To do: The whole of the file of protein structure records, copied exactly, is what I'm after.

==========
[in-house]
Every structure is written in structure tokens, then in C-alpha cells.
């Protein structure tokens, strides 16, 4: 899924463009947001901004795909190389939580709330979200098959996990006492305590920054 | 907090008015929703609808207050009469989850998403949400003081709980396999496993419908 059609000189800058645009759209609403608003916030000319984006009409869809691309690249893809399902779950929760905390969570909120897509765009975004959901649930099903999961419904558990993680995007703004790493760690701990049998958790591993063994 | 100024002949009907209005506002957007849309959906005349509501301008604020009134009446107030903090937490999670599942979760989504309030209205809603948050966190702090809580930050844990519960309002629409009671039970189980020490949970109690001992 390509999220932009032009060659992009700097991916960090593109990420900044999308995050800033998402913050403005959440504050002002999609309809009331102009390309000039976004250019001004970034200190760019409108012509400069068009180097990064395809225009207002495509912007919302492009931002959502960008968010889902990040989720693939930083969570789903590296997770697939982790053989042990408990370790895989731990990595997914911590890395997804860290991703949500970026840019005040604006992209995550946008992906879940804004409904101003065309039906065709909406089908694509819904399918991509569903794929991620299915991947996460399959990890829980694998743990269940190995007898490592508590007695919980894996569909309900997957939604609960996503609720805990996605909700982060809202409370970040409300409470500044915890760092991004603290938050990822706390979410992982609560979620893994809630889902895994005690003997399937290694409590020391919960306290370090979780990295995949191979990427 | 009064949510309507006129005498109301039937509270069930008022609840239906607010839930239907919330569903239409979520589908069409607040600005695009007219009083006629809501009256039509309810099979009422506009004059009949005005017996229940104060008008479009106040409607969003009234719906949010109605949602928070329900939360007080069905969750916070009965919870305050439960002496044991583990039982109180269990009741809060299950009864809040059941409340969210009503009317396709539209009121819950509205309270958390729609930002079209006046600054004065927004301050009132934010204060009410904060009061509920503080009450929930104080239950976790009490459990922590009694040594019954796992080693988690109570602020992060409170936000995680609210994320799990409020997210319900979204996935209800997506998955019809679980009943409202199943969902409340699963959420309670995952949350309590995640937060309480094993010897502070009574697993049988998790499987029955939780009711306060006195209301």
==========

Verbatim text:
[in-house]
Every structure is written in structure tokens, then in C-alpha cells.
């Protein structure tokens, strides 16, 4: 899924463009947001901004795909190389939580709330979200098959996990006492305590920054 | 907090008015929703609808207050009469989850998403949400003081709980396999496993419908 059609000189800058645009759209609403608003916030000319984006009409869809691309690249893809399902779950929760905390969570909120897509765009975004959901649930099903999961419904558990993680995007703004790493760690701990049998958790591993063994 | 100024002949009907209005506002957007849309959906005349509501301008604020009134009446107030903090937490999670599942979760989504309030209205809603948050966190702090809580930050844990519960309002629409009671039970189980020490949970109690001992 390509999220932009032009060659992009700097991916960090593109990420900044999308995050800033998402913050403005959440504050002002999609309809009331102009390309000039976004250019001004970034200190760019409108012509400069068009180097990064395809225009207002495509912007919302492009931002959502960008968010889902990040989720693939930083969570789903590296997770697939982790053989042990408990370790895989731990990595997914911590890395997804860290991703949500970026840019005040604006992209995550946008992906879940804004409904101003065309039906065709909406089908694509819904399918991509569903794929991620299915991947996460399959990890829980694998743990269940190995007898490592508590007695919980894996569909309900997957939604609960996503609720805990996605909700982060809202409370970040409300409470500044915890760092991004603290938050990822706390979410992982609560979620893994809630889902895994005690003997399937290694409590020391919960306290370090979780990295995949191979990427 | 009064949510309507006129005498109301039937509270069930008022609840239906607010839930239907919330569903239409979520589908069409607040600005695009007219009083006629809501009256039509309810099979009422506009004059009949005005017996229940104060008008479009106040409607969003009234719906949010109605949602928070329900939360007080069905969750916070009965919870305050439960002496044991583990039982109180269990009741809060299950009864809040059941409340969210009503009317396709539209009121819950509205309270958390729609930002079209006046600054004065927004301050009132934010204060009410904060009061509920503080009450929930104080239950976790009490459990922590009694040594019954796992080693988690109570602020992060409170936000995680609210994320799990409020997210319900979204996935209800997506998955019809679980009943409202199943969902409340699963959420309670995952949350309590995640937060309480094993010897502070009574697993049988998790499987029955939780009711306060006195209301």